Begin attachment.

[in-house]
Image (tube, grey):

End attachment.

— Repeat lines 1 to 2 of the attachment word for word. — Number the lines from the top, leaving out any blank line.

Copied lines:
[in-house]
Image (tube, grey):